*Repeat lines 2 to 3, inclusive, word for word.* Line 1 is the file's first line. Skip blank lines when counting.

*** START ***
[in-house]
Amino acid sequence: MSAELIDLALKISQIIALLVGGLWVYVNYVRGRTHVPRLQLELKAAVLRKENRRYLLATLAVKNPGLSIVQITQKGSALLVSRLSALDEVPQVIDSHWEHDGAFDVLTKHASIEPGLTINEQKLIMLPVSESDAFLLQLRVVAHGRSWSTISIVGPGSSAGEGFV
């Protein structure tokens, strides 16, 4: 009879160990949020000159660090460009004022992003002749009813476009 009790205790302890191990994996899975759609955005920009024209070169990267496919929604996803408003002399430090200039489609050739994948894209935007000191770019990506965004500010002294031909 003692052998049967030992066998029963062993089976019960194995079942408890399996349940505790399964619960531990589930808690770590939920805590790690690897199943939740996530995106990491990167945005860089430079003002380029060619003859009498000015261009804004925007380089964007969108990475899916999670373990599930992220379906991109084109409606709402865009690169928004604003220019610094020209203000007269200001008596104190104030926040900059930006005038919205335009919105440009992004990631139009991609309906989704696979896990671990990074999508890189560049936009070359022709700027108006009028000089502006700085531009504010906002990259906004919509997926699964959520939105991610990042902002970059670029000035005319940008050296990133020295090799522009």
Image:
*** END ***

Amino acid sequence: MSAELIDLALKISQIIALLVGGLWVYVNYVRGRTHVPRLQLELKAAVLRKENRRYLLATLAVKNPGLSIVQITQKGSALLVSRLSALDEVPQVIDSHWEHDGAFDVLTKHASIEPGLTINEQKLIMLPVSESDAFLLQLRVVAHGRSWSTISIVGPGSSAGEGFV
């Protein structure tokens, strides 16, 4: 009879160990949020000159660090460009004022992003002749009813476009 009790205790302890191990994996899975759609955005920009024209070169990267496919929604996803408003002399430090200039489609050739994948894209935007000191770019990506965004500010002294031909 003692052998049967030992066998029963062993089976019960194995079942408890399996349940505790399964619960531990589930808690770590939920805590790690690897199943939740996530995106990491990167945005860089430079003002380029060619003859009498000015261009804004925007380089964007969108990475899916999670373990599930992220379906991109084109409606709402865009690169928004604003220019610094020209203000007269200001008596104190104030926040900059930006005038919205335009919105440009992004990631139009991609309906989704696979896990671990990074999508890189560049936009070359022709700027108006009028000089502006700085531009504010906002990259906004919509997926699964959520939105991610990042902002970059670029000035005319940008050296990133020295090799522009």